If there's been one constant during the Beamer era, poised for its 20th season, a top-shelf kicking game is it.
"That's the part of college football that (Beamer) put as much emphasis on, and brought to the forefront, as anybody," Boston College coach Tom O'Brien said. "Everybody would give lip service to it, but (he) actually made it work."
So well that the Hokies blocked 62 kicks during the 1990s, more than any other Division I-A program. So well that kick returners such as Andre Davis and DeAngelo Hall, and placekickers such as Shayne Graham and Brandon Pace, have orchestrated many a victory.
Moreover, Tech boasts what Beamer considers the best group of kickers he's coached: punter Nic Schmitt, kickoff specialist Jared Develli and Pace. Schmitt averaged 43.2 yards per punt last season and placed 15 punts inside the 20-yard line; Develli produced 29 touchbacks in 64 kickoffs; Pace made 19 of 22 field goals and scored a school-record 108 points, this after a first-team all-conference season in 2004.
Still, Beamer's not happy. Not happy with coverages and returns. Not happy with a decline in blocked kicks.
Nor should he be. The Hokies haven't returned a kickoff or punt for a touchdown in either of the last two seasons, and last year they ranked 88th nationally in kickoff returns, 62nd in punt returns. Their third-quarter meltdown in the ACC championship game began when Florida State's Willie Reid scored on an 83-yard punt return.
Most worrisome, blocked kicks, the staple of Beamerball, have slowed to a relative trickle. Last season the Hokies blocked two field goals and a punt, matching the second-lowest total of Beamer's tenure. In the last three seasons, Tech has blocked 11 kicks; in the previous three seasons the Hokies blocked 22.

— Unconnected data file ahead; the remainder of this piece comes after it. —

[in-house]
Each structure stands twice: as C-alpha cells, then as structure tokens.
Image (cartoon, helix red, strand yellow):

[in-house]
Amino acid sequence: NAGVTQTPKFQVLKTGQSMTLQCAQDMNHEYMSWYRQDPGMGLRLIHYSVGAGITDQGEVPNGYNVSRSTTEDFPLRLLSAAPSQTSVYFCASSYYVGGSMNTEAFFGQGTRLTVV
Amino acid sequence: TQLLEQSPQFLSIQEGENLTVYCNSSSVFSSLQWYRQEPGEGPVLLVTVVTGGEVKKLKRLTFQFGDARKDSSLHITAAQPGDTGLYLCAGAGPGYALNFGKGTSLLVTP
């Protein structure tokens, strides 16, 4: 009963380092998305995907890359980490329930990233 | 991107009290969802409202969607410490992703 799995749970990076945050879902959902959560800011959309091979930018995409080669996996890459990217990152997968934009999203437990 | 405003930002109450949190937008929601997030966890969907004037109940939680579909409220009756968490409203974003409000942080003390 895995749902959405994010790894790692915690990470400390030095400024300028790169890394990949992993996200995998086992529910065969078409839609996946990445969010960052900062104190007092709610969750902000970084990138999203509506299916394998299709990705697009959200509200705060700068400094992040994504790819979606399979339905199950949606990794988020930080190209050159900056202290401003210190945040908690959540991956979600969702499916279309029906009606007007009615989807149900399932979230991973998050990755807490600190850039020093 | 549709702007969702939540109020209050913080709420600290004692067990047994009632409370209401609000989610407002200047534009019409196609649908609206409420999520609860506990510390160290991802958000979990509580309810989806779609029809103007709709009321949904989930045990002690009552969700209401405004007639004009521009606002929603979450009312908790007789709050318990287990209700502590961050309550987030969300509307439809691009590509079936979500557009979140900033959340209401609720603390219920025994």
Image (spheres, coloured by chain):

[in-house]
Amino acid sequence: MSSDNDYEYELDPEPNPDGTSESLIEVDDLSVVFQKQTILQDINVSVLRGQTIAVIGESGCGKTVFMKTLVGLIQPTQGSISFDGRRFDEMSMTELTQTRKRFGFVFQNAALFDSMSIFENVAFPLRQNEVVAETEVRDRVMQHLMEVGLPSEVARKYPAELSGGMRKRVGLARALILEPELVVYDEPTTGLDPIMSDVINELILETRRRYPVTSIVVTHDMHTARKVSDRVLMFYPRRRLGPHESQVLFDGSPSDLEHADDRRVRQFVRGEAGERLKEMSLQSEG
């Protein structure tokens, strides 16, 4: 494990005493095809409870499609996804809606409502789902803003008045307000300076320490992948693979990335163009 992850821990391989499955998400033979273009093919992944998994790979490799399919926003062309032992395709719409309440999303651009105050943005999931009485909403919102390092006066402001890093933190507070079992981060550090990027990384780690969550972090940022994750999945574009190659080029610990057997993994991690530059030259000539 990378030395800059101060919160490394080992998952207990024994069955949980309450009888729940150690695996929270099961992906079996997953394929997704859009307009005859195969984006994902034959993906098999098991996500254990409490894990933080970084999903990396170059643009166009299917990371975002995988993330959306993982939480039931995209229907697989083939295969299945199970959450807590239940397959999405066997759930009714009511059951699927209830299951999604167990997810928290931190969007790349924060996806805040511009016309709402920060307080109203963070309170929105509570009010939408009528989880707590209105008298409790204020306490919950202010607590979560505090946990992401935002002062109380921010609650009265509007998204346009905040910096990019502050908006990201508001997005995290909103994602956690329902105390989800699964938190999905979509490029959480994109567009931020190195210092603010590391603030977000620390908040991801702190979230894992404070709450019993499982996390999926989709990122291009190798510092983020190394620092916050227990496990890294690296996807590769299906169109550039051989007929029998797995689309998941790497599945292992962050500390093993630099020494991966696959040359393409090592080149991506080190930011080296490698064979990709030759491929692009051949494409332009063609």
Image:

"We've been back there ... and haven't quite gotten them blocked," Beamer said.
Only one player on this season's roster has blocked a kick in a college game. Sophomore cornerback Macho Harris deflected a punt in the 2005 regular-season finale against North Carolina.
Have opponents finally caught on to Beamer's special-teams legerdemain? He doesn't believe so. "We've just got to perform," he said.
More so because with new starters at quarterback (either Sean Glennon, Cory Holt or Ike Whitaker), guard (some combination of Nick Marshman, Sergio Render and Ryan Shuman) and tight end (Sam Wheeler), Tech's offense may stagger out of the gate. If the kicking game can generate touchdowns and/or good field position, the untested offense can afford some missteps.
The critical early test will come at North Carolina in the season's second week. The Tar Heels won three of four home conference games last year, and in 2004 extended the visiting Hokies until the final horn before losing 27-24. That game turned dicey when UNC blocked a Vinnie Burns punt for a touchdown in the fourth quarter.
"In the last 10 years I think one of the biggest changes in college football is that people have concentrated on special teams much more," Beamer said. "I mean everyone. Ten years ago you had a chance to get a little advantage on people because maybe they didn't emphasize them as much as you did."
Virginia Tech needs that little advantage more than ever.